The Department of Environmental Protection (DEP) has proposed one set of rules, and is gearing up to propose another, to better protect communities across the state from floods. Unfortunately, what DEP wants will drive up development costs, including the construction of affordable housing, and ultimately force a retreat from coastal communities.
NJBIA agrees with the DEP that new flood standards are needed to reflect increased rainfall and other potential climate change impacts. But there are three fundamental flaws in the proposed regulations.
One, they fail to address inadequate stormwater facilities, which are the underlying reason for recent floods. Two, development projects that are already several years into the permitting process prior to flood rule changes would be treated unfairly, ignoring the substantial expenses already incurred. Three, the sea level rise projections used are based on outdated science, and the rules will effectively prevent any development near rivers and the coast.
DEP points to recent storms, such as Ida, as the reason for proposing rules based on a projected 2-foot rise in inland flood levels, and a commensurate enlargement of the regulated flood area. But the fact is that the tragic deaths during Ida were largely the result of inadequate stormwater facilities. Most flooding and loss of life in New Jersey occurred miles away from the nearest body of water.
The proposed flood rules also unfairly penalize projects that have already begun the permitting process. In New Jersey, it takes years for a development project to secure financing, obtain permits, and begin construction. Under the new rule, pending projects now outside of flood zones would suddenly have to comply with new flood zone requirements. Many projects will need to be redesigned and begin the permitting process over again or be abandoned. Millions of dollars invested in projects could be lost.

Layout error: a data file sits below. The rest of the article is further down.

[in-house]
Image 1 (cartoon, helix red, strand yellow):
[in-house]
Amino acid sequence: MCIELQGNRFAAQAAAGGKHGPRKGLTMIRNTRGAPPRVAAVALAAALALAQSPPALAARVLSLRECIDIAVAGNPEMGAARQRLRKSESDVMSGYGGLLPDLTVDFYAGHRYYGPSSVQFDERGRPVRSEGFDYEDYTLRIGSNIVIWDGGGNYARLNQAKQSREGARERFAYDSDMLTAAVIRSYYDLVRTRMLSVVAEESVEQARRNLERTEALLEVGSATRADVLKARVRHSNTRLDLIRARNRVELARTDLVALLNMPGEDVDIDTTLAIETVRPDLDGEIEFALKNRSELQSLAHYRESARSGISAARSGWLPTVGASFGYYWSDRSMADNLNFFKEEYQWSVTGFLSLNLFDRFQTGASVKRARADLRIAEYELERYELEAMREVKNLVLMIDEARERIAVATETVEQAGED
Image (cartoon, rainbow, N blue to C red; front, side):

Finally, these rules will force residents and businesses to abandon coastal communities. They assume a 5-foot increase in sea levels (based on one outdated report), which will force homes and buildings near the shore to be built an additional 5 feet off the ground. For many property owners, this new requirement will be too costly or impractical to implement.
Another problem, ironically, is that the rules will stop many shore protection projects. While we have protected our coast in the past by building beaches, dunes and bulkheads, these projects will no longer be possible under the proposed 5-foot elevation mandate.
NJBIA is asking DEP to address the issue of existing stormwater structures, provide fair grandfather provisions for existing facilities, and use the latest science to protect our shore. What happens next will determine the future of the New Jersey shore and the effectiveness of flood regulations.
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